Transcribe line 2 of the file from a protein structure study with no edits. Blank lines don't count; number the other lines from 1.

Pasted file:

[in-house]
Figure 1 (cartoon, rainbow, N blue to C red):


Figure 1 (cartoon, rainbow, N blue to C red):